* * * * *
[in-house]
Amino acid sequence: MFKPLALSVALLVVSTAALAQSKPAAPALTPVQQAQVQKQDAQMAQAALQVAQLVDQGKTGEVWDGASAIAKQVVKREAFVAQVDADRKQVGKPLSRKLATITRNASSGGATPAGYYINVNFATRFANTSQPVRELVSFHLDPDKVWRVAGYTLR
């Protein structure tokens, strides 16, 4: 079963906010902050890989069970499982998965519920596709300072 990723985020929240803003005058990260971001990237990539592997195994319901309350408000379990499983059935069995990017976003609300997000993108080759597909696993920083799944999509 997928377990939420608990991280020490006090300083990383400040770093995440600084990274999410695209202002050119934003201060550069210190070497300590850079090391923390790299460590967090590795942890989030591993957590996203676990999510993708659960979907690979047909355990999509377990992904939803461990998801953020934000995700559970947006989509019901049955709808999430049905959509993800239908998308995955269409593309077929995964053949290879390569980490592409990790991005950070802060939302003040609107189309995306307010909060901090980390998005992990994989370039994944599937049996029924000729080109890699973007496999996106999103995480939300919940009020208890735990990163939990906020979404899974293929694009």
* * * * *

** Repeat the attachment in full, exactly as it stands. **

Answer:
[in-house]
Amino acid sequence: MFKPLALSVALLVVSTAALAQSKPAAPALTPVQQAQVQKQDAQMAQAALQVAQLVDQGKTGEVWDGASAIAKQVVKREAFVAQVDADRKQVGKPLSRKLATITRNASSGGATPAGYYINVNFATRFANTSQPVRELVSFHLDPDKVWRVAGYTLR
């Protein structure tokens, strides 16, 4: 079963906010902050890989069970499982998965519920596709300072 990723985020929240803003005058990260971001990237990539592997195994319901309350408000379990499983059935069995990017976003609300997000993108080759597909696993920083799944999509 997928377990939420608990991280020490006090300083990383400040770093995440600084990274999410695209202002050119934003201060550069210190070497300590850079090391923390790299460590967090590795942890989030591993957590996203676990999510993708659960979907690979047909355990999509377990992904939803461990998801953020934000995700559970947006989509019901049955709808999430049905959509993800239908998308995955269409593309077929995964053949290879390569980490592409990790991005950070802060939302003040609107189309995306307010909060901090980390998005992990994989370039994944599937049996029924000729080109890699973007496999996106999103995480939300919940009020208890735990990163939990906020979404899974293929694009």